While group strip searches at a jail are invasive, there is a penological justification offered that plaintiff doesn’t answer. There is no clearly established law that these are unreasonable. “The issue we face is whether periodically conducting group strip searches when the number of jail inmates waiting to be processed makes individual searches imprudent constitutes a violation of clearly established Fourth Amendment law. Under the facts of this case, we answer that question ‘no’ and therefore hold that the jail official who conducted the group searches, defendant Terri Graham, is entitled to qualified immunity.” Sumpter v. Wayne County, 2017 U.S. App. LEXIS 15649 (6th Cir. Aug. 18, 2017):
For these reasons, and following the Supreme Court’s repeated admonitions in Bell and Florence, we accord considerable deference to defendants’ assertion that they conducted group strip searches when the high volume of inmates and concomitant effect of delays on inmate health and safety demanded it. See Florence, 566 U.S. at 326 (“[C]orrectional officials … must have substantial discretion to devise reasonable solutions to the problems they face.”); Bell, 441 U.S. at 548 (“[C]ourts should ordinarily defer to their expert judgment in such matters.”).
To summarize, on one hand, the group strip searches plaintiff endured in the Registry were especially intrusive; on the other hand, defendants have asserted a legitimate penological justification for periodically conducting the searches. Typically, we would proceed to balance the nature of the intrusion against the [*19] penological justification to determine whether the searches were unreasonable under the Fourth Amendment. However, we need not go that far in order to determine that Graham is entitled to qualified immunity.
Qualified immunity protects a constitutional tortfeasor from personal liability unless the contours of the constitutional right she violated “were sufficiently definite that any reasonable official in the defendant’s shoes would have understood that he was violating it.” Plumhoff v. Rickard, 134 S. Ct. 2012, 2023 (2014). The dispositive inquiry, “undertaken in light of the specific context of the case, [and] not as a broad general proposition,” is “whether the violative nature of particular conduct is clearly established.” Mullenix v. Luna, 136 S. Ct. 305, 308 (2015) (per curiam) (first quoting Brosseau v. Haugen, 543 U.S. 194, 198 (2004) (per curiam) and then Ashcroft v. al-Kidd, 563 U.S. 731, 742 (2011)).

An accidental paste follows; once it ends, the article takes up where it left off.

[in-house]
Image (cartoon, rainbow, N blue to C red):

Nowhere is that specificity as important as in the Fourth Amendment context, where, under the governing ad-hoc interest-balancing test, “[i]t is sometimes difficult for an officer to determine how the relevant legal doctrine … will apply to the factual situation the officer confronts.” Id. at 308 (quoting Saucier, 533 U.S. at 205). Because “case-by-case, incremental decisionmaking of balancing tests … infrequently will provide the ‘fair notice’ that qualified-immunity precedent requires,” Evans-Marshall v. Bd. of Educ. of Tipp City Exempted Vill. Sch. Dist., 428 F.3d 223, 234-35 (6th Cir. 2005), “[c]ourts generally accord public officials wide latitude (for qualified-immunity purposes) when the constitutionality of their acts comes down to the subtleties of interest balancing[.]” Citizens in Charge, Inc. v. Husted, 810 F.3d 437, 443 (6th Cir. 2016). Thus, it is imperative that plaintiff rely on a decision that “squarely governs” the outcome of the case. See Brosseau, 543 U.S. at 201. That she cannot do.